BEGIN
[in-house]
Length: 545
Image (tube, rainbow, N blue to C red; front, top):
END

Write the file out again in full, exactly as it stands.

[in-house]
Length: 545
Image (tube, rainbow, N blue to C red; front, top):